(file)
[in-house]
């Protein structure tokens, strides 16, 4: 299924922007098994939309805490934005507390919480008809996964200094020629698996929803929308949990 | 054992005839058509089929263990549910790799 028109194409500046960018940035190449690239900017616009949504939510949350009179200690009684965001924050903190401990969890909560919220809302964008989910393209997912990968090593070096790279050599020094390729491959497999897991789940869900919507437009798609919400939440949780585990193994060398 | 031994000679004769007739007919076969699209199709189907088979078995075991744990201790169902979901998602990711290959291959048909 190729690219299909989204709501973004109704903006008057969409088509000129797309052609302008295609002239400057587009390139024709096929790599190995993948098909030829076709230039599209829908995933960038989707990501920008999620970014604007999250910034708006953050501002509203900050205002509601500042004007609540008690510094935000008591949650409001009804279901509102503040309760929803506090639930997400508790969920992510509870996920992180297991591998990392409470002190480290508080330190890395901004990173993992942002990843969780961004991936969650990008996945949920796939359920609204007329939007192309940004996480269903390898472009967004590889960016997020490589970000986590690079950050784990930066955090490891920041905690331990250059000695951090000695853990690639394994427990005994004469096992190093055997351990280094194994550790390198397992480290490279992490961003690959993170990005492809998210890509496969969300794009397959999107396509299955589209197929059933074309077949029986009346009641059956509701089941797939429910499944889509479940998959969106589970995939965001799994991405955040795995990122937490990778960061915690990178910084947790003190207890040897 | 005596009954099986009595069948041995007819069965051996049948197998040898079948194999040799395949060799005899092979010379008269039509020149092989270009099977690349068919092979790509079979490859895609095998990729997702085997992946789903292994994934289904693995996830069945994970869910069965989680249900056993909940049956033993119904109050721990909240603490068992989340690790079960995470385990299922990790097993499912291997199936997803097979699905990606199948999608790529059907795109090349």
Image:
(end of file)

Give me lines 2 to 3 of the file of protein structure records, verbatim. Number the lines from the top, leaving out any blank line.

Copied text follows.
């Protein structure tokens, strides 16, 4: 299924922007098994939309805490934005507390919480008809996964200094020629698996929803929308949990 | 054992005839058509089929263990549910790799 028109194409500046960018940035190449690239900017616009949504939510949350009179200690009684965001924050903190401990969890909560919220809302964008989910393209997912990968090593070096790279050599020094390729491959497999897991789940869900919507437009798609919400939440949780585990193994060398 | 031994000679004769007739007919076969699209199709189907088979078995075991744990201790169902979901998602990711290959291959048909 190729690219299909989204709501973004109704903006008057969409088509000129797309052609302008295609002239400057587009390139024709096929790599190995993948098909030829076709230039599209829908995933960038989707990501920008999620970014604007999250910034708006953050501002509203900050205002509601500042004007609540008690510094935000008591949650409001009804279901509102503040309760929803506090639930997400508790969920992510509870996920992180297991591998990392409470002190480290508080330190890395901004990173993992942002990843969780961004991936969650990008996945949920796939359920609204007329939007192309940004996480269903390898472009967004590889960016997020490589970000986590690079950050784990930066955090490891920041905690331990250059000695951090000695853990690639394994427990005994004469096992190093055997351990280094194994550790390198397992480290490279992490961003690959993170990005492809998210890509496969969300794009397959999107396509299955589209197929059933074309077949029986009346009641059956509701089941797939429910499944889509479940998959969106589970995939965001799994991405955040795995990122937490990778960061915690990178910084947790003190207890040897 | 005596009954099986009595069948041995007819069965051996049948197998040898079948194999040799395949060799005899092979010379008269039509020149092989270009099977690349068919092979790509079979490859895609095998990729997702085997992946789903292994994934289904693995996830069945994970869910069965989680249900056993909940049956033993119904109050721990909240603490068992989340690790079960995470385990299922990790097993499912291997199936997803097979699905990606199948999608790529059907795109090349």
Image: